Oh, how I’ve missed days like this. To an onlooker, the surf appears junky, blown out, a complete waste of time. But if you know the ways of a spot and the sandbar’s set up right, fun times await.
Just a few of us out – the smart crowd saw the north winds and went straight to Camel. I almost joined them. But a look at the clock and a yearning to stay local suggested heading south would do. MD agreed, so we met up in the parking lot, drove out a ways down the back road and suited up without even looking.
Now, I never dress in the parking lot; I always haul my gear out and change there. But I used to be real good about walking out, dropping my stuff and pulling on my suit as I was looking – as opposed to setting my stuff down and then deciding whether conditions warranted going out.
“Paddle out and look at it” – that’s one for the Top 10 Best Bits of Surf Advice I’ve Received.
Unless you’re facing waves clearly too large or too small, odds are paddling out will be better than not. At the very least, the ocean’ll wash away all the extraneous worries and you’ll get some exercise. At best, the waves will surprise and provide a better playground than expected.
Besides, it wasn’t that windy.
A couple other surfers, a gazillion birds and a squad of distant sea lions kept us company. Yes, the wind laid a certain amount of chop on the water’s surface – riding down the face felt more like bumping down a flight of stairs at times – but the peak came in consistently, the size was head-high at the takeoff and shoulder-high by the bottom turn, the swell contained enough energy to make catching waves easy, but not so much that wiping out hurt. I did wipe out a bunch, too; when I haven’t gone left in a while, I sometimes forget how.
“Point where you want to go” – more Best Advice.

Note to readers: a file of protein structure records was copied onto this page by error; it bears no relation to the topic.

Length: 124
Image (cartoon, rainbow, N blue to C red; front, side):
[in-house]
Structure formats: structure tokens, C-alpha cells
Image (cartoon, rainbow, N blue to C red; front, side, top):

When you point, your body follows, your weight shifts, the board pivots accordingly and you find yourself flying down the face ahead of the whitewater. Better than a roller coaster. The first time I trimmed, I went left, which is backside (typically more difficult) for me. I’d been standing up and going forward, toward shore, for weeks, but finally all the variables synchronized, propelling me down a thigh-high green slope like a hot knife through butter. Down the wave face and straight into addiction. In simplest terms, that’s why I surf – to relive that moment. The context changes – if waves came to order, mine would be a little over head-high now – and the goals – to surf bigger, hollower waves, to prove capable of paddling out into more challenging breaks – expand, but really, I just want that sensation of sliding along the green, fast and beautiful, startled into a moment of pure pleasure.
But back to going left. Despite my initial experience, it’s not the direction I most naturally default to. I’ve fallen off as many lefts as I’ve made. This session started out with klutzy mistake after klutzy mistake. But then, emboldened by the nondestructiveness of the surf, I took off a bit late, made the drop, swung my arm around – but in one smooth fluid motion – and there I was. Right back in heaven.